Movie Review: Shang-Chi and the Legend of Ten Rings
Say what you want about Marvel, their formula works, whether origin stories or multiverse Avengers. My hats are off to them for not only bringing lesser-known superheroes from comic obscurity, but also minority representations into mainstream America and making them a global phenomenon. Standing on the muscular shoulders of “Black Panther” is “Shang Chi and the Legend of the Ten Rings.”
Relative unknown Simu Liu is Shaun, a valet parking attendant living in San Francisco, sharing a close friendship with his friend and co-worker Katy (Awkwafina, “Crazy Rich Asians”). One day a mundane bus ride turns into a heart-pumping joyride when Shaun is inexplicably attacked by several assassins, not to mention by one assassin with a sword arm, wanting to have a jade pendant he’s been wearing on his neck since he was a child.
To say Katy is surprised to learn her best friend is a kung-fu master is a major understatement. Awkwafina’s comical reaction is priceless. While Shaun is fighting, Katy steers the bus in a thrilling “Speed” style.
It turns out that Shaun is Shang-Chi, the son of an ancient warrior, Wenwu (Tony Leung). Possessing the magical Ten Rings makes Wenwu immortal. From one lifetime to another, he conquers lands, amass powers and influence world events.
Wenwu’s continual quest for domination takes him on a trip to find Ta-Lo, a mystical village in a hidden world filled with mythical creatures and otherworldly powers. He’s stopped on his track by the guardian, Li (Fala Chen). Fighting and falling in love, their graceful scenes in an enchanting forest are classic wuxia. They eventually get married.
The fights in ‘Shang-Chi’ are a blend of real wushu, used in hard-hitting hand-to-hand combats, most impressively seen in the aforementioned bus scenes and another alongside of skyscraper scaffoldings, with fantasy wuxia style, where the fights look a lot like balletic dances of superhuman powers, channeling life energy and controlling earth elements. Growing up in Asia, I saw many movies and TV shows with both styles.
The pendant-hunting assassins are not only searching for Shang-Chi, but they’re also after his long-lost sister, Xialing (Meng’er Zhang), and Shang-Chi travels across the globe to track her down. Xialing is an outcast daughter of Wenwu, unceremoniously excluded from the family’s martial arts training and emotionally abandoned after their mother’s death. Xialing is no wallflower, however. A self-starter and determined beyond her means, she becomes a skilled fighter and more, truly on her own.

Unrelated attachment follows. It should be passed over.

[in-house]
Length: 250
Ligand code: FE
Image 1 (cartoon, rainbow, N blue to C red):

Wenwu is convinced that Li is still alive, held captive by her own people in Ta-Lo. He tells his now grown children that he’s heard his wife’s voices, pleading with him to find and save her. This sounds believable to Wenwu; after all, the villagers didn’t approve of their marriage and taking up residence in Ta-Lo due to his past, leading the couple to give up their powers and leave everything behind to start anew outside as a family.
Besieged by all-consuming obsession of grief and fury, Wenwu is determined to find the ultra-secret entrance to Ta-Lo, a maze of moving bamboo forest, to free his wife. He would burn the entire village to the ground if he had to.
Shang-Chi, Katy and Xialing have the upper hand in finding the passage to Ta Lo first, by way of a character that shouldn’t be spoiled here. If Themyscira is the paradise of “Wonder Woman,” Ta-Lo is that world in Shang-Chi. Lush, vibrant and serene, the village has its own backstory, with the people embroiled in wars against soul-sucking, flying dark creatures.
The villagers are trained and have special weapons, along with a protective water dragon, to fight these creatures should they escape from their prison. Wenwu’s arrival and his misguided search for his belated wife threatens not only the village’s survival, but also the universe, should these creatures escape into the outside world.
Immortal warlord Wenwu is a very sympathetic, complex villain, exceptionally acted by Leung with a wide range of spot-on human emotions. He may be power-thirsty, but the abiding love he has for his wife is genuine, as well as his desire to leave his criminal past behind when he married her. His relationships with his children are dramatically complicated, especially with his son. Shang-Chi’s transformation, from a laidback valet to warrior worthy of the Ten Rings feels organic. The familial bonds are filled with pathos and the soul of the story.
‘Shang-Chi’ may be a Marvel movie, but it feels fresh and different. It introduces us to a whole other world, steeped in mythology and authenticity, and it’s an origin superhero story unlike any other. As always, stay tuned for the end-credits. Familiar characters appear and something tells me the discovery signals something greater and that Wenwu’s legacy may not be lost.
Copyright (c) 2021. Nathalia Aryani